Trolling deep diving lures is a good way to cover a lot of water and ensure that your lure passes more of the scattered fish. In the deeper water, bass are the more likely species. If you move closer to the edges where the lure runs closer to the bottom, golden perch will dominate your catches.
Deep lures like Blitz Bagas and Ridgebacks, or slow trolled 5/8oz spinnerbaits and TN70 Jackalls, are fine examples of lures that are able to probe the depths. Using proven colours like green and black or purple will give you the best chance.
Most of the fish will be found in the deep water of the main basin. Look for them on your sounder in areas such as near the wall, between the third and fourth marker buoy, from The Island to The Junction and from here to the first bend in the Stuart arm.
Casting lures can work well at times. At this time of year, schools of bass can blanket an area one day and be gone the next. Look around the top of The Island and the drop-offs nearby, Pelican Point and the deep water of the main basin. Most normal casting lures will catch these fish with soft plastics and Jackalls at the top of the list.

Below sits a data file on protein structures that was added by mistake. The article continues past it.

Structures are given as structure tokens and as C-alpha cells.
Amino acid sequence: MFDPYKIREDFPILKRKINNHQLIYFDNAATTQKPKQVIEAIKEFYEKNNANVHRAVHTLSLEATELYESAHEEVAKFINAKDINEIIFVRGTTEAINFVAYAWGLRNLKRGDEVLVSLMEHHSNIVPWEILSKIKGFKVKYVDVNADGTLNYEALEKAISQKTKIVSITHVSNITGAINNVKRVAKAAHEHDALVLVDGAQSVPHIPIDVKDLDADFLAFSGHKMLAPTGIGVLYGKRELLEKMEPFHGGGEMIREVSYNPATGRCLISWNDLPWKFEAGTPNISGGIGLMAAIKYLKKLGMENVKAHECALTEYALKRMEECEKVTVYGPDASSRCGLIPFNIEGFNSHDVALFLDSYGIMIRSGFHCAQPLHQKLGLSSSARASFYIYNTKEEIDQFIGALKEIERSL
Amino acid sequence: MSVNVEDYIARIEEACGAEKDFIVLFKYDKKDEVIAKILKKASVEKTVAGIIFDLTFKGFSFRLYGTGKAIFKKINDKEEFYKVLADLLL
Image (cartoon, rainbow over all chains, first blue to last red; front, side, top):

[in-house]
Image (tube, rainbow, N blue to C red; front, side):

Live shrimp and worms fished in five to ten metres of water around the rocky drop offs will attract golden perch. You can also target goldens in the same depth of water at the start of the Boyne timber.
Long, hot, cloudless days will have anglers and fish alike looking for a cool spot on Hinze Dam. Early starts are the most productive time.
Surface lures are a favourite for bass at this time of year. Small fizzers, poppers and stickbaits are all effective. Well placed casts to the edge are often rewarded. Use a stop-start retrieve, keeping the lure in the most productive zone for the majority of the time. Be sure to pause the lure between movements as this is when most strikes will occur.
Slider Grubs rigged with a Bett's spin blade and a 1/4oz jighead will be ideal to work the deeper water during the heat of the day. Long casts made across the points or parallel to weed edges should catch their share of fish. A slow, steady retrieve with the occasional pause is effective in getting connected to feisty bass.
Late afternoon sessions are a good time to get on the water. If there is a storm building in the west, bass generally bite well before it arrives. Reaction lures such as Jackalls and spinnerbaits are great performers, as are surface lures when the light starts to fade.